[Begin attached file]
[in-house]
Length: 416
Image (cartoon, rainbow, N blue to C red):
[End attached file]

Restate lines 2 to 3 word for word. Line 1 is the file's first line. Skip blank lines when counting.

Length: 416
Image (cartoon, rainbow, N blue to C red):